Keep an Eye on Muscle-Obsessed Male Patients: 'Relatively New Phenomenon'

By Splete, Heidi | Clinical Psychiatry News, October 2003 | Go to article overview

Keep an Eye on Muscle-Obsessed Male Patients: 'Relatively New Phenomenon'


Splete, Heidi, Clinical Psychiatry News


The male physique has achieved objectification status, and many men are fretting about their pecs and delts the way many women obsess about their butts and thighs.

Several recent studies highlight two aspects of the male body image problem: the psychological and the pharmacologic.

The term "muscle dysmorphia" refers to individuals, usually men, who pathologically believe that they have small musculature, when in fact they are quite toned. This is similar to the body dysmorphia in women who see themselves as fat despite being very thin. A study published last year attempted to describe muscle dysmorphia as a distinct syndrome (Br. J. Sports Med. 36[3]:375-77, 2002).

The researchers recruited 24 male weight lifters who showed signs of muscle dysmorphia and compared their responses to the Multidimensional Body-Self Relations Questionnaire (MBSRQ) to 30 male weight lifters who did not show these symptoms.

Telephone screening placed the men in either the muscle dysmorphia group or the control group. Based on their responses to the MBSRQ, the men who were characterized with muscle dysmorphia were significantly less satisfied with the appearance of their lower torsos, muscle tone, and weight. In addition, the muscle dysmorphia group was significantly more preoccupied about becoming overweight than the control group.

Jennifer Carter, Ph.D., a researcher at Ohio State University, Columbus, conducted a study on muscle dysmorphia in college athletes and presented the results at a 2003 meeting of the American Psychological Association.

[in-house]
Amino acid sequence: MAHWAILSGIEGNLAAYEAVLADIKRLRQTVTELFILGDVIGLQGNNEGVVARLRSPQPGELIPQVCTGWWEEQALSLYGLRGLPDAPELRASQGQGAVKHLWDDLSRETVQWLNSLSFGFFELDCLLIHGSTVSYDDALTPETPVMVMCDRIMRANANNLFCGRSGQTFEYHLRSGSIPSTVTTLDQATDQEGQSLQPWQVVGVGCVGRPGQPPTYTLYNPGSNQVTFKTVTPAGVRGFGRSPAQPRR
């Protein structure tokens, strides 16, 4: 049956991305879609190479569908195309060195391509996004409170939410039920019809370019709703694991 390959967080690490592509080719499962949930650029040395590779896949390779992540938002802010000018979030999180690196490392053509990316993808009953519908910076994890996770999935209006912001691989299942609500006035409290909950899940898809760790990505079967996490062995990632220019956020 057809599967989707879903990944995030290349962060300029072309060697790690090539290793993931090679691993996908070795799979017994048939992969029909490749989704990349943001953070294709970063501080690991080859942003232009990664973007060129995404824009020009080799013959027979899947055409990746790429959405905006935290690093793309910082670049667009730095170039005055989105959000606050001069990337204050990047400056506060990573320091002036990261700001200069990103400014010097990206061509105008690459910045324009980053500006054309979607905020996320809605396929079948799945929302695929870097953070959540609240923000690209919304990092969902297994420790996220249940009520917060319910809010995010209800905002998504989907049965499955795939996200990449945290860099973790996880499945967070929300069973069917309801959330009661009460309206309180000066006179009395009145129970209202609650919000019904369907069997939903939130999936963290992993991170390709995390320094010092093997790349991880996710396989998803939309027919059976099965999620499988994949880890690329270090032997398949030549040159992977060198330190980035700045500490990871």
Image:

"I did the research with both female and male student athletes, and the prevalence rates of full-blown eating disorders were very low. Because our surveys weren't anonymous, there's a strong likelihood of underreporting" among student athletes, she said.

In her pilot study, which looked at college athletes at Ohio State University, Dr. Carter found that 1.1% of 467 male athletes surveyed in 2002 met criteria for muscle dysmorphia, on the basis of a seven-question assessment inspired by the 2000 book "The Adonis Complex: The Secret Crisis of Male Body Obsession." Among these male athletes, 4% said they frequently gave up activities because of workout schedule, 5% avoided situations where they would expose their bodies, and 4% were so preoccupied with the inadequacy of their body size that they were significantly distressed.

In addition, 9.3% of the male athletes showed signs of subclinical eating disorders or body image problems, including the use of laxatives, vomiting, or fasting. Dr. Carter pointed out that as a pilot study, her results have not been validated. "That's the next step," she said.

Also, she noted, small percentages of the athletes (17% of men and 14% of women) were satisfied with their current weights. Most wanted to either lose or gain weight--women tended to want to lose, while men tended to want to gain. "You'd think that this fit population would be more satisfied with their bodies, but they are always looking to change something. And there's no conclusive research showing that changing your body weight is going to significantly change your performance."

"One point that was made in "The Adonis Complex" is that men are more at risk because women have been exposed to these unrealistic body images for years, and they've learned to fight back and to question the reality. …

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